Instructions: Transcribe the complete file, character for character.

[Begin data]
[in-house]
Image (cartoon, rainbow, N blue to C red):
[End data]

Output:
[in-house]
Image (cartoon, rainbow, N blue to C red):